None. I do EQ if EQ is needed. There’s a little compression in the mastering, but it’s pretty much just EQ and a lot of editing. If I have a piece that’s 20 minutes long and there’s five minutes where I got lost… nobody wants to hear me spin my wheels. Not to give away the whole farm, but “Baphomet” was actually two takes. There were parts of that where I thought the build worked better in the first take, and I was still figuring out how the organ part was going to work. I thought the organ part worked better in the second take. But I landed about the same patch in the middle so I was able to do a clean edit.
There was also a running problem of hitting the right note or the wrong note, depending on who you want to quantify things, and all the chairs would shake. It sounded like robots applauding. There’s still some of it in there. But there were a bunch of spots where it was just obnoxious. I either need to manually de-click every single one of these and spend eight hours doing micro-spectral edits or those two minutes just need to go away.
Between your day job and your extracurricular activities, acoustics and sound are very important to you. When did that become such a vested interest?
I’m autistic, and I didn’t get a formal diagnosis until I was 40. Fundamentally, autism is a sensory disorder. If you imagine a sensory mixer with a fader for each sense, it’s like someone just went in, blindfolded, and just pushed the faders up and down, and where it lands is where you get. So I’ve always been really, really focused on sound. My mom told me that when I was a toddler, I would start bawling my eyes out if a plane flew overhead. The noise would just wreck me. I’ve always had this sensory quirk.
I went to school for audio engineering and I went to work as a mastering engineer. Then the economy went away, so I went to grad school for acoustics. But everything, literally everything I’ve done — certainly as a profession but my hobbies too — has always been sound stuff. I can remember being a high school student in a little town and there was no internet so there was very little information coming in. I was doing harsh noise guitar feedback stuff with all my pedals lined up as a 16-year-old. I had no idea it was a thing people were doing in the real world, and that it was a legitimate way to express oneself. Then I read the ideas of John Cage and then studied with Pauline Oliveros, and it gave me comfort in pursuing my natural interests without judging it.
What was that experience of studying with Pauline Oliveros like? What did you take away from that that has had the biggest impact on your work?
Two things, I think. First, composition as a listening practice. My current way of working is to put a sound into a space, listen to how it comes back, and what I hear determines the next sound. That kind of continuous listening feedback loop is a very Pauline way of approaching sound. The other thing is a willingness to take my work seriously even when I'm not confident in it. A few of Pauline's classes had a reputation at RPI as being as "easy A," so you'd get folks who weren't really invested in the class. People would present work and sometimes it would drive me nuts because people would be presenting things that were (to me) obviously bullshit. How could you bring that to someone like Pauline Oliveros? It felt disrespectful to me. But, Pauline never, ever treated anything anyone presented to her as being less than their most serious attempt at creating something meaningful. She always listened from an assumption of mutual respect, and sure, that meant sometimes she was the only one taking something some jabroni did seriously. What it also meant was that for the people who were committed, you knew that you could bring any idea you had and it would be seriously listened to and respected and she'd engage your work as a peer. To have someone like her take your work seriously was so incredibly important and validating. I've made a real effort to treat my own listening in the same way, and to make sure my first listen to anything I hear is based on my assumption that this is a serious effort by the performer to do something meaningful. And after that listen, sometimes my conclusion is: “This sucks.” But not letting myself take that out until after a serious listen has been a very positive thing for me.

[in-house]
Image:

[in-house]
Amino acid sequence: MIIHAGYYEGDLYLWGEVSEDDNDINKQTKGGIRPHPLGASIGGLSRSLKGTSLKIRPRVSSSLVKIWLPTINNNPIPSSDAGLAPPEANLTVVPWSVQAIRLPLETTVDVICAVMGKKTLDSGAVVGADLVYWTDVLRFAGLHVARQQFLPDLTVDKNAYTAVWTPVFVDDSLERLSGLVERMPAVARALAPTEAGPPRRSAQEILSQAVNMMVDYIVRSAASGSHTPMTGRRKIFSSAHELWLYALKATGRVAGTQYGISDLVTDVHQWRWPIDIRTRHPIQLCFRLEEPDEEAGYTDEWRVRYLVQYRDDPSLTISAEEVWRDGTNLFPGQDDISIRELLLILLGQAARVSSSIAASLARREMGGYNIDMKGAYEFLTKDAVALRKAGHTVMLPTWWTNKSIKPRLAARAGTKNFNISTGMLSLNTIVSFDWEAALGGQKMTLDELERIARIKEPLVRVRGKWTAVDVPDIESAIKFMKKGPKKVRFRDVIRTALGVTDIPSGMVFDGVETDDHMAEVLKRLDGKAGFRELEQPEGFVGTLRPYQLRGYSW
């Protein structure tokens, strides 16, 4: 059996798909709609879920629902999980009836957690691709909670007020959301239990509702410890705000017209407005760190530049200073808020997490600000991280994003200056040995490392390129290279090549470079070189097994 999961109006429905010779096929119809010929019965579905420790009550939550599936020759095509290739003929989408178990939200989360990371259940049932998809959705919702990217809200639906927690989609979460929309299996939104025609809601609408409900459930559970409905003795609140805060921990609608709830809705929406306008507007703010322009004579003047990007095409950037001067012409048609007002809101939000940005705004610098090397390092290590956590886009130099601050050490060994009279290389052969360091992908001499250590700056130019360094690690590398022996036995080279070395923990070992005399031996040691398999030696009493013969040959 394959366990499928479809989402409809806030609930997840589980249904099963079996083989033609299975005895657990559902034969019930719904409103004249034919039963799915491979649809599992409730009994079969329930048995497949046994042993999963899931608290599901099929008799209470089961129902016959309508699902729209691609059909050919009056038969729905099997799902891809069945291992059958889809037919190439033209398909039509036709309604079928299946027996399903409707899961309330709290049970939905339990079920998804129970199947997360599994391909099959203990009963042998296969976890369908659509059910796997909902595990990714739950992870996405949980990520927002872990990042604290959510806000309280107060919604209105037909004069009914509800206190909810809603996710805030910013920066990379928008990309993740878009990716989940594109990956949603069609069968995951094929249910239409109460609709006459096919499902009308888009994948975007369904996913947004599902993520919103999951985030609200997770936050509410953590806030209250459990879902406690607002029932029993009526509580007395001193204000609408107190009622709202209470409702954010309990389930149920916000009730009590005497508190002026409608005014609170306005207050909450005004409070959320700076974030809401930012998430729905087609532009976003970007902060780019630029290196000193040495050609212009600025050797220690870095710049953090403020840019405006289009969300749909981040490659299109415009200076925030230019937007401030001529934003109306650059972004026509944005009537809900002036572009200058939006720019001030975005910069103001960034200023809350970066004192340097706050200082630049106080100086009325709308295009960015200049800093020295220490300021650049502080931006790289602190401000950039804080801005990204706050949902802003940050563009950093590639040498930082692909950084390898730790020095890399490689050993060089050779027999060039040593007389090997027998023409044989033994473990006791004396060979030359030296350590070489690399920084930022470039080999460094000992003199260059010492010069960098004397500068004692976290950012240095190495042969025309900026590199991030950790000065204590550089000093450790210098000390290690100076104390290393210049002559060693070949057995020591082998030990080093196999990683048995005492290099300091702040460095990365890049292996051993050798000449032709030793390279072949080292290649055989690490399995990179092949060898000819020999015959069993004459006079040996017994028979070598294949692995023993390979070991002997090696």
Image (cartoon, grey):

As someone who takes sound and acoustics as seriously as you do, does it frustrate you in some way to know that most people are listening to music out of crappy laptop speakers or using smartphones and using other less than ideal methods?
No! There’s so much more to enjoying sound than the audiophile experience. And I like the audiophile experience. We just finished this project for some guy with a lot of money to burn and wants to listen to music. We built this barn-sized listening room. It’s 40 feet wide and 60 feet long. His home stereo is a vintage RCA Voice of the Theater PA system. Everything is giant tube amps, and he’s got Broadcast ultra-high accuracy turntables the size of a small oven. We were there doing the checkout to make sure everything’s installed properly and it’s really fun to listen to records on a million-dollar turntable in this multi-million dollar room. But it’s also really nice to just have the sound where you’re having a feeling coming out of your phone speaker.
What are you reading / watching / listening to these days?